Amazon to open London-based hair salon

American e-commerce giant Amazon has entered a range of new sectors in recent times, from groceries to pharmacy. But the firm is now hedging its bets on the beauty industry.

According to a report by the BBC, Amazon is preparing to open a hair salon in Spitalfields in east London. One of the salon's headline features will be an augmented reality-based mirror that enables customers to see how different hairstyles and colours would suit them before going ahead with treatments.

In addition to a smart mirror, guests of the salon will also be able to read magazines on tablet PCs. And if customers spot a hair product they like in the salon, they'll be able to use QR code scanning to buy it on Amazon. The salon will provide customers with hair cuts, colouring and blow-drying.

John Boumphrey, UK manager at Amazon, told the BBC: "We have designed this salon for customers to come and experience some of the best technology, haircare products and stylists in the industry.

"We want this unique venue to bring us one step closer to customers and it will be a place where we can collaborate with the industry and test new technologies."

Facebook announces audio app

Facebook is looking to take on popular voice-based social networking app Clubhouse with a range of new audio features, as reported by the BBC.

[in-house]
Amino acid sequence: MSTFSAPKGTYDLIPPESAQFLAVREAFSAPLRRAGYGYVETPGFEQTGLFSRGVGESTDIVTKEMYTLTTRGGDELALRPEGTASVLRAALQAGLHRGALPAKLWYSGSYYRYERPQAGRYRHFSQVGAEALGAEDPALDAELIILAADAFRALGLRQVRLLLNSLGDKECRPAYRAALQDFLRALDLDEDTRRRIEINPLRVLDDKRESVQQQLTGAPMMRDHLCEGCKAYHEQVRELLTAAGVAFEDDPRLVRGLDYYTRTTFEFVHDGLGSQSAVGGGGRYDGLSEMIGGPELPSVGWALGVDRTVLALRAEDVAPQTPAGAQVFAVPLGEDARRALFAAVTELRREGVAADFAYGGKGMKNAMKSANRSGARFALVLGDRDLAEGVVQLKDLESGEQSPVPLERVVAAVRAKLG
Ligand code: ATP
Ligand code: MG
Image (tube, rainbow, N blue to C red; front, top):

Its headline audio feature, Live Audio Rooms, will enable Facebook users to conduct and take part in live conversations. Meanwhile, users will be able to use Soundbites for creating and sharing small audio clips, and will also have the ability to tune in to podcasts via Facebook.

Fidji Simo, head of the Facebook app, wrote in a blog post: "We've seen time and again just how much creative energy is liberated when you build powerful creation and editing tools, make them free and easy to use, and — with appropriate safety and privacy safeguards — put them out into the world.

"By bringing the magic to new audio formats, we're giving people a new way to say more of what they've always wanted to say, this whole time."

Apple announces new gadgets

Apple held its much-anticipated "Spring Loaded" special event on Tuesday. It showed off a purple iPhone 12, a Bluetooth tracker called AirTags, a more powerful Apple TV featuring the A12 Bionic processor and a new remote, a redesigned iMac available in a range of funky colours and powered by the Apple-developed M1 chip, and a brand new Apple iPad Pro that also packs an M1 chip under the hood. But sadly, the US tech giant didn't reveal third-generation AirPods or an iPad Mini, despite being highly anticipated.